Transparency is often seen as a means of improving governance and accountability of investment, but its potential to do so is hindered by vague definitions and failures to focus on the needs of key local actors.
In a new report focusing on agribusiness, forestry, and renewable energy projects (“land investments”), CCSI grounds transparency in the needs of project-affected communities and other local actors. Transparency efforts that seek to inform and empower communities can also help governments, companies, and other actors to more effectively manage operational risk linked to social conflict.
Troublingly, the report finds that:
Taking a politically informed approach that considers the incentives of powerful actors, the report proposes seven strategies to advance land investment transparency:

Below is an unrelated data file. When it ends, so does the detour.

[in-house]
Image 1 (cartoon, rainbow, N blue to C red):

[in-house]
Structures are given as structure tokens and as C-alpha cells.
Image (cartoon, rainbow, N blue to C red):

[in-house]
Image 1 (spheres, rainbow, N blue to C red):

Indigenous and Tribal peoples’ right to free, prior and informed consent (FPIC) has transformative potential. Yet, there is a considerable gap between the theory and what happens in practice. Global actors supporting recognition of FPIC and effective prior consultation processes usually focus on normative standards and best practices. They concentrate much less on addressing the political challenges and opportunities that shape how these processes unfold.
With funding from the Ford Foundation, we looked at the politics of FPIC in Latin America, analyzing how the power and interests of the key players–across governments, companies and indigenous peoples–can determine the fate of FPIC and consultation processes in practice. This research focused on Brazil, Colombia, and Peru, and provides practical options to address key political challenges in hopes of improving outcomes for indigenous and tribal peoples.
In addition, we are partnering with Dejusticia and the multi-stakeholder Dialogue Group for Mining in Colombia (GDIAM) to explore further the political impediments to meaningful mining consultation processes in that country, and to field ideas for navigating these more effectively in the future.
Download full report here:
Download the summary brief here: